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Sunrise helps guide grief journey
Each person grieves differently and each one finds the right time to take part in a grief retreat if that is part of the journey.
For Deb Friesen, that time was two years ago.
“I was blocked emotionally after being strong for years. My husband, Ross, who was my hopes and dreams had died from ALS and further than that, I didn’t know. I was physically sick but I came to realize that the only way to get through the grieving was to feel the pain,” she said.
She attended the Sunrise Grief Retreat two years ago with what Barb Schimpl, Sunrise Grief Society board member and retreat facilitator, calls complicated grief. Friesen’s mother had died shortly after her husband had been diagnosed with ALS and her sister had died by suicide 10 years earlier. With two teenagers, Friesen felt she had to be strong for those around her, while caring for Ross, her best friend from high school and husband of almost 30 years.
“I couldn’t let myself feel anything. When Ross passed away, I thought nothing could be worse than watching him suffer. I thought the worst was over. I kept on not feeling and got through the first year somehow. I had health problems and was out of touch, in denial. Someone gave me a paper clipping about the grief retreat and suggested I think about it,” she said.
“I don’t even have the words to say what it meant to me. Those nurturing women met every need, mentally, physically, spiritually, emotionally. I felt safe and cared for. No one was telling me what to do or be. They give you space.”
The grief retreats, held at the Deep Creek Retreat House, offer a choice of therapies in a quiet, rural setting, with participants sharing what they want.
“I learned that if you want hope and a life, you have to feel. I realized I had been numb, which is not like me. Now I can smile when I remember Ross sitting watching his bird houses and the little yellow birds who came only once a year in the spring — that was the time of year he passed away. Every day is a gift. The healing touch was wonderful. The house is beautiful and they make you feel so loved,” said Friesen.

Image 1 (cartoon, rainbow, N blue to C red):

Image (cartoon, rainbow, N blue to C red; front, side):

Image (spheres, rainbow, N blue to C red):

“I had to accept that you can’t do the grieving on your own. I could see how my life was going and I didn’t want to live the rest of my life like that. The retreat changed how I processed and how I viewed my grief. I learned to take care of myself so I could help my children with their grief.”
Schimpl said that people can come to retreats for recent grief or grief in the past.
“Sometimes the present grief brings up other losses. We have trained facilitators who will help participants take a safe and guided path towards healing and personal growth,” she said.
“Towards the end of the retreats it’s amazing to see what is happening, the changes in the participants — some of the pain leaves or transforms to something you can live with. We give people the tools they need to continue healing after the retreat.”
Friesen said the tools she has used the most are journalling and walking.
“I also learned that I had to be able to be open and vulnerable and share my feelings with people I trusted,” she said.
All of the activities at the retreats are compatible with and complementary to most religious and spiritual beliefs.
The next Finding Hope in Your Grief Journey retreat, put on by the non-profit Sunrise Grief Retreat Society, takes place May 2 to 6. The cost is $550 per person or $900 per couple with some financial assistance available if needed. Pre-registration is necessary as space is limited. Call Andrea at 250-307-7850, e-mail email@example.com or see www.sunrisegriefretreat.org.